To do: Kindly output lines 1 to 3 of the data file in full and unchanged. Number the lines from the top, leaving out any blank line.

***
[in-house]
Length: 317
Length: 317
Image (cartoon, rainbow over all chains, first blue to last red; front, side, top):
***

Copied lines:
[in-house]
Length: 317
Length: 317